Veterans wary of proposals to close VA clinics, cut emergency services

Some veterans are concerned about a bipartisan plan that would close 172 out of 800 clinics nationwide and reduce capacity or stop certain emergency services in several locations, including in Kansas.


State News

June 29, 2022 - 3:06 PM

Under the recommendations made by the VA, the Topeka VA medical center would cease emergency, inpatient medical and outpatient surgical services. The facility in Leavenworth would also see a reduction from a 23-bed inpatients facility to a 12-bed observational hospital. Photo by (Noah Taborda/Kansas Reflector)

TOPEKA — When retired U.S. Army Col. Lynn Rolf enlisted and went to war, the federal government made a promise it would take care of his medical needs.

Rolf, who began his 31 years of military service in 1970 in Vietnam, says he is still fighting the battle to ensure that commitment is fulfilled and veterans’ medical services remain in place. Recent recommendations from the Department of Veteran Affairs to the Asset and Infrastructure Review Commission suggesting an overhaul of its health network are the equivalent of reneging on that promise, Rolf said.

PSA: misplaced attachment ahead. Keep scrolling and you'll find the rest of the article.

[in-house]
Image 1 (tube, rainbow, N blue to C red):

“In my personal experience, VA care is pretty darn good,” Rolf said. “But I’m used to fighting bureaucracies and it’s easy for me to when someone tells me ‘No, you can’t do this can’t do that’ I don’t take that as an answer.”

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